Thursday, June 28, 2007

From Negligible to Severe

At Planet Gore, a titanic battle is being waged between Jim Manzi and "sound science" advocate Steven Milloy.

Milloy shrieks that climate change is a fabrication of doomstruck lie-beral alarmists who will kill us all, and that climate feedback loops are completely hypothetical, and then spatters a photo of Ayn Rand with clumpy yellowish semen (I'm paraphrasing here).

Manzi accepts that some amount of anthropogenic climate change is happening, but feels that "its impact over the next century could plausibly range from negligible to severe." Therefore, addressing it is a good idea, but possibly not, and he's not being indecisive (splunge!).

In other words, Manzi favors pretty much the same approach the Right takes to the threat of nuclear terrorism. You don't want to be too hasty about changing laws around, and spending billions of dollars on prevention, and taking staggering geopolitical risks, when the catastrophe you're afraid of may not even happen.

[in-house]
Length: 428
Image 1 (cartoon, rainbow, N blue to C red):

Kidding aside, Manzi deserves plenty of credit for taking a flamethrower to Milloy's army of strawmen, and for making this simple but effective point to an audience who may well resent him for it:

Milloy doesn’t seem to get that “I don’t know” is not the same thing as “No reason to worry”.
I have some problems with Manzi, of course. For instance, he calls the threat of climate change to the United States "incalculably small," and insists on a market-based approach to mitigation, while arguing that "the process of science tends to be self-correcting, but like all markets, this can take a long time to work, and is imperfect." Still, I'd gladly buy him a drink.

That's more than I can say for Henry Payne, who calls Richard Lindzen "the Milton Friedman of atmospheric science" and claims that Lindzen's WSJ piece from a year ago remains "the most comprehensive, layman-accessible article written on GW science." That isn't quite as silly as calling Genesis the most comprehensive, layman-accessible article written on evolutionary biology. But it comes pretty fucking close.

In related news, Sir Oolius anatomizes Tom DeLay, with amusing results.


Thers said...

"The Milton Friedman of atmospheric science..."?

Good grief.

Phila said...

Been trying to figure that one out since I read it....